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Indonesian Official: Gay Emojis Could Cause Civil Unrest

Indonesia is looking to ban same-sex emojis. This certainly isn't the first time they've tried to censor "un-Islamic" content from the Internet.

A man browses the specific gay emojis from an instant messaging application in Jakarta on February 12, 2016.  In the latest crackdown on homosexuality in Indonesia, the government has demanded all instant messaging apps remove LGBT emoticons or face a ban in the Muslim-majority country.      AFP PHOTO / Bay ISMOYO / AFP / BAY ISMOYO        (Photo credit should read BAY ISMOYO/AFP/Getty Images)
A man browses the specific gay emojis from an instant messaging application in Jakarta on February 12, 2016. In the latest crackdown on homosexuality in Indonesia, the government has demanded all instant messaging apps remove LGBT emoticons or face a ban in the Muslim-majority country. AFP PHOTO / Bay ISMOYO / AFP / BAY ISMOYO (Photo credit should read BAY ISMOYO/AFP/Getty Images)

Real people in Indonesia may have the right to be gay, but their emojis soon won’t.

The Indonesian government announced this week that it wants messaging apps to remove same-sex emojis from their systems if the apps are going to be used in the Muslim-majority country. Emojis, also called stickers, allow cellphone users to communicate with small cartoons. The emojis the government has a problem with include those with two men or two women with a heart or child between them.

At least one messaging service, LINE, already adhered to the request.

“LINE regrets the incidents of some stickers which are considered sensitive by many people,” the company said in a statement.

The Indonesian government was thankful for LINE’s quick action on what it apparently considers to be a matter of political stability in the country of 250 million people.

“The ministry is appreciative of LINE Indonesia for their understanding and discretion in dealing with matters that could potentially cause public unrest, especially the concerns of mothers for their children in terms of the negative influence the circulation of these LGBT stickers could cause,” Ismail Cawidu, a spokesman for the government’s ministry of information said in a statement this week.

Although it is not illegal to be gay in Muslim-majority Indonesia, discussions of sexuality remain touchy. In Aceh province, which is run under Sharia law, anyone who participates in gay sex could be punished with 100 cane strikes.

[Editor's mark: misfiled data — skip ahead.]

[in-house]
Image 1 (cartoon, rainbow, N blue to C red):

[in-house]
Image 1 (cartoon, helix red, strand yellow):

And Indonesia’s central government in Jakarta has come under scrutiny from international human rights groups in recent weeks over a pattern of increasingly hostile behavior toward gay Indonesians.

On Thursday, Human Rights Watch called on President Joko Widodo, also known as Jokowi, to stand up for gay rights and condemn anti-LGBT rhetoric. Two recent examples noted by the rights group were suggested bans on LGBT groups on university campuses, and the Indonesian police’s decision to interrupt an outreach event intended to educated gay men on HIV.

Graeme Reid, director of LGBT research at Human Rights Watch, said Jokowi should clarify his stance “before such rhetoric opens the door to more abuses.”

For now, it doesn’t look like Widodo is interested. Now that the government has convinced LINE to remove its gay emojis, the much more popular WhatsApp is next.

Cawidu argued in favor of the ban with claims that “social media must respect the culture, and local wisdom of the country where they have [a] large numbers of users.”

This is far from the first time the Indonesian government has banned Internet content by saying it could damage societal norms.

In May 2014, under the previous administration, then- Communications Minister Tifatul Sembiring made it his mission to ban anything he found online that he deemed un-Islamic. That included thousands of pornography sites, and later the hugely popular video-sharing site Vimeo, which does not even allow pornography. His reasoning? A number of videos he found inappropriate, with names like “Nudie Cutie,” “Art of Nakedness” and “Beautiful of Nakedness.”

Ironically, just two months earlier, he had followed a pornographic account on Twitter. But don’t worry — he promises it wasn’t on purpose. He accidentally hit “follow” while searching the Internet for more content he should block.

Photo Credit: BAY ISMOYO/AFP/Getty Images

Siobhán O’Grady is a freelance journalist working across sub-Saharan Africa. She previously worked as a staff writer at Foreign Policy. @siobhan_ogrady

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